Perched atop a cloud high above, would this break a heart as it is threatening to mine? Would it enrage a spirit, lighting a fire that burns for justice? Through the haze of fog, could you see the lies in the narratives we’ve so elaborately spun?

Or, perhaps, the problem with this god is that it is too far away to care.

Memorial Musings

I am in the midst of a longer post introducing and reflecting on the principles of ThinkImpact and the program structure that will come soon. In short, it is a program that seeks to expand what we as humans think is possible in terms of creation, using local partnership and design-thinking to introduce new ideas, products, and services to rural communities.

Today, I am not exploring this creation process, but rather destruction when yesterday we visited the genocide memorial in Kigali. I am struck by what we as humans are capable of when we let fear, hate, and division guide us. And, I am in awe of the Rwandan people for their capacity to forgive and live in community still today. It is illegal in Rwanda to ask someone what tribe  they are (Tutsi or Hutu) with the idea that, in a few generations, people will literally not know the distinction.

As I arrived in our community, I realized that we will come to know many Hutu people (who were the genocidaires), and I know that we will grow to love these people. As I journaled, I was glad, for villainizing an entire people group- even with the history of Rwanda- would do no good. But when I first had the thought, I was terrified. Not because I think Hutus are inherently scary, or because I am literally afraid for my safety, but because I could picture a community member with machete in hand and maintain his humanity, even see myself in him.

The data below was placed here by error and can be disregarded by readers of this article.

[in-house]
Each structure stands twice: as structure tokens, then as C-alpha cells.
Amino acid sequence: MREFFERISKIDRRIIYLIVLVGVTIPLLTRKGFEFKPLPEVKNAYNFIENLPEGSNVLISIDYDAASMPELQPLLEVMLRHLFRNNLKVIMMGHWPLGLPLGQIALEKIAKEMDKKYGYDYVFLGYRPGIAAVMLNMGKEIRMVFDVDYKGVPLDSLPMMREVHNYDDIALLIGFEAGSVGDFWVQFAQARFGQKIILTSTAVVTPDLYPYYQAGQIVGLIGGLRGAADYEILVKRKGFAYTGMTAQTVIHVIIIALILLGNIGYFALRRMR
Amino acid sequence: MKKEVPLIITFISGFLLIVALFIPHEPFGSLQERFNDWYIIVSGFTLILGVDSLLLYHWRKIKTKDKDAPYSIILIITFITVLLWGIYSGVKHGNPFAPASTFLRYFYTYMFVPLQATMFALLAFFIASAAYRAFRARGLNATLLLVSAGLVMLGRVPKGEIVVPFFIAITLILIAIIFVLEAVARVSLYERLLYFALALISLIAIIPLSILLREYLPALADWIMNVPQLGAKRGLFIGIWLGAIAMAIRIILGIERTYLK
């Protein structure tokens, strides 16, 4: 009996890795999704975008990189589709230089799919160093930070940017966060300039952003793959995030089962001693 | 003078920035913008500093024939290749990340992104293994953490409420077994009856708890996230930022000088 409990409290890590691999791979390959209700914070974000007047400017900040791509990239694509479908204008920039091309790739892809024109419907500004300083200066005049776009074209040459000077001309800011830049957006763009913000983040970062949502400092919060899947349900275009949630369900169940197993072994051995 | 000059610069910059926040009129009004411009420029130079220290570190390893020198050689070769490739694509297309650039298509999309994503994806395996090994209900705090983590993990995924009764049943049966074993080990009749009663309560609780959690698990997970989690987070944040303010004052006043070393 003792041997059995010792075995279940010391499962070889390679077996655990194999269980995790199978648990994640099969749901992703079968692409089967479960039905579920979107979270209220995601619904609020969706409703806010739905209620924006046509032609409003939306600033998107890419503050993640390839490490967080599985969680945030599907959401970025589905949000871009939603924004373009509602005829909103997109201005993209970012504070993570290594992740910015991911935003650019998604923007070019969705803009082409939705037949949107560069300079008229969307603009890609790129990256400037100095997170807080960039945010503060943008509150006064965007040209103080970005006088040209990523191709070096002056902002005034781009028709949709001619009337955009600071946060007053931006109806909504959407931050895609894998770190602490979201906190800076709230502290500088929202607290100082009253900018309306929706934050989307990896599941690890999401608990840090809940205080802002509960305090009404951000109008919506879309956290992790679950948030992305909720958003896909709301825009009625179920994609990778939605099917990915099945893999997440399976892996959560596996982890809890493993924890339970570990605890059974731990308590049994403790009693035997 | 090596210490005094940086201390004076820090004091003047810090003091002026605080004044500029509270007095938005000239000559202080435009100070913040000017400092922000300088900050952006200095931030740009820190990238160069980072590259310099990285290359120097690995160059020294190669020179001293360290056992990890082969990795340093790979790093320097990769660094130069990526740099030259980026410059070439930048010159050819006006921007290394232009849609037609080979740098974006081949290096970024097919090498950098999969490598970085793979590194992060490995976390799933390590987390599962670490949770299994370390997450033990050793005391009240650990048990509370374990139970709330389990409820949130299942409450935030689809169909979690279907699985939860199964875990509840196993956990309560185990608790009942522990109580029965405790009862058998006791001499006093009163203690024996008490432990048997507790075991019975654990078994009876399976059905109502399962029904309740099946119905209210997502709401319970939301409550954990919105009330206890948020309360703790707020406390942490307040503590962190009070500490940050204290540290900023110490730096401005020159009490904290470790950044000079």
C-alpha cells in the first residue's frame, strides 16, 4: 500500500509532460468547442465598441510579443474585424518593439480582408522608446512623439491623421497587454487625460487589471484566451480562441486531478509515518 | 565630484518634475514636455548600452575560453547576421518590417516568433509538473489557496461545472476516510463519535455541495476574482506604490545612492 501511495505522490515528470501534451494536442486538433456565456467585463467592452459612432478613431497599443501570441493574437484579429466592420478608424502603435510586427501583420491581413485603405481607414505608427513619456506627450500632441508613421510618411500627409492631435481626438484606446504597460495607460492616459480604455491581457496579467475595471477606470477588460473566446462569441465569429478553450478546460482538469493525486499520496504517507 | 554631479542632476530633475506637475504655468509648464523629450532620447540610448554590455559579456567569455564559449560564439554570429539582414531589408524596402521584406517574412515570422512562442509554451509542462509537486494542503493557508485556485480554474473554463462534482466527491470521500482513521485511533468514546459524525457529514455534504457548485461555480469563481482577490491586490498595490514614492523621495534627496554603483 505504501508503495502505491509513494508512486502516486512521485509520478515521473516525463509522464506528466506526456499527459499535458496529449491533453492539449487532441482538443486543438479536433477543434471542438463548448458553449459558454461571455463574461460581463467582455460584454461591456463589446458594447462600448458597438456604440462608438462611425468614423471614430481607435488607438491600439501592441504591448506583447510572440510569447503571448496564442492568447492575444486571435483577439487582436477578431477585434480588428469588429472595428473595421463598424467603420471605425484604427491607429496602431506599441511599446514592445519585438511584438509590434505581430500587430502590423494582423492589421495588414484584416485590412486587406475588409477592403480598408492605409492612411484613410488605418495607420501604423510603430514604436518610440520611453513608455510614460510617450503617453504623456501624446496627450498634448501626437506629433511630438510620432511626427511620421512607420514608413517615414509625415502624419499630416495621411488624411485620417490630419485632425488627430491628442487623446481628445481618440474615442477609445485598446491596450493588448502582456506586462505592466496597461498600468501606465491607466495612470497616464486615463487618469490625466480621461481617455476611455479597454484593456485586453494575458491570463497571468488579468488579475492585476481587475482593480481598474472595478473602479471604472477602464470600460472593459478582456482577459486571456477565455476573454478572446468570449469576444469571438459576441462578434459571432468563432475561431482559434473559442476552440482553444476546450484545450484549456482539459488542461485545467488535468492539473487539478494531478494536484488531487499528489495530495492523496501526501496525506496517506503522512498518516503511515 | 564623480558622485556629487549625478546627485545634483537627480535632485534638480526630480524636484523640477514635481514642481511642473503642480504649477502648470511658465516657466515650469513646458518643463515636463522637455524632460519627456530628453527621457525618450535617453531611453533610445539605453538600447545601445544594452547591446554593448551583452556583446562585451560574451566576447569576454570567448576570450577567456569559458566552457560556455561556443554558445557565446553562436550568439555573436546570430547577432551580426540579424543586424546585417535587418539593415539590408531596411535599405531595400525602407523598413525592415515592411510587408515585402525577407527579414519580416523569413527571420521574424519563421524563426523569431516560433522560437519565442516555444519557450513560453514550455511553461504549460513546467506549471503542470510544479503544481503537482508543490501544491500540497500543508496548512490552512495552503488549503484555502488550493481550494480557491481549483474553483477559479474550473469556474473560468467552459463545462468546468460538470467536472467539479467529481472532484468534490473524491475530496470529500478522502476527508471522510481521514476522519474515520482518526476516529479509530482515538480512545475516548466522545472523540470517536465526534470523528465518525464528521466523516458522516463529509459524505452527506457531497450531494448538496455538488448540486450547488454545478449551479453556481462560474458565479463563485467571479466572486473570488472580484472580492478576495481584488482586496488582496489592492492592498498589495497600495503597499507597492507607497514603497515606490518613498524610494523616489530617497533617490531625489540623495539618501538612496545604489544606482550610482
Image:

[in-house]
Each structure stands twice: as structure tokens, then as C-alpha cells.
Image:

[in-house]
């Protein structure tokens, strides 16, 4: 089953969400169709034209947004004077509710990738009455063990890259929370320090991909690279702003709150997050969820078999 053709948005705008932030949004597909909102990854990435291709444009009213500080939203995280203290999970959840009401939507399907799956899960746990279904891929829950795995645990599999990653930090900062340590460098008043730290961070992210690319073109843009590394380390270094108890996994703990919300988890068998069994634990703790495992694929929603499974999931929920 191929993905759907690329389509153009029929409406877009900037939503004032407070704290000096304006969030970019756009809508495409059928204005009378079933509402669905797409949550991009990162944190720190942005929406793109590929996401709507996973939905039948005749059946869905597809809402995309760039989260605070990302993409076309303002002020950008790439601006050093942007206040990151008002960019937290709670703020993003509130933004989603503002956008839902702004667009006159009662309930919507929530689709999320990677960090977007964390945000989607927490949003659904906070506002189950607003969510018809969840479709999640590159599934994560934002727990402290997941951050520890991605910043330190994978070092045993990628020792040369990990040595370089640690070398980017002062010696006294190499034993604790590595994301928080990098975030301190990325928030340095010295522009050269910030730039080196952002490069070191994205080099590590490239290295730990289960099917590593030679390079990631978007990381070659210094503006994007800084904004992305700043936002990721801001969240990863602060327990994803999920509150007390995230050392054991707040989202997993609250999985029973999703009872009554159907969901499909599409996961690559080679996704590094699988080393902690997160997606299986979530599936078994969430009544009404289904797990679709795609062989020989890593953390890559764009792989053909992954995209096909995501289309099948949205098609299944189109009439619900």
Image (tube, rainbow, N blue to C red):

And I remembered in the memorial, as we read about the strategy used to instill fear of a Tutsi revolution as propaganda for the Hutu Power to rise, my fellow advisor Kathryn said, “this is what Freire talks about.” She is right: the genocidaires, the Hutus, were also oppressed peoples. It is like a women in a video at the memorial said, “the government killed my family; it was the government’s genocide.” Many perpetuated the system, but they were bound by it, too.

And I wonder, can making it illegal to talk about your ethnic background develop a liberatory consciousness? Is it not the same as being colorblind?

Furthermore, is it  even my place as a cultural outsider to ask these questions? And how do I ask a question that presupposes I can understand living through events that I was unaware of until twelve years after they occurred?

With this, I am inspired in awe and sometimes disbelief by the continued integration of Tutsi and Hutu in the village. And if not discussing tribal backgrounds (that were socially constructed by colonial powers, by the way) with a vision of their children and children’s children not seeing them helps facilitate this, then I will respectfully follow. And I will continue to reflect on what I learn about love, forgiveness, reconciliation, and social justice in doing so.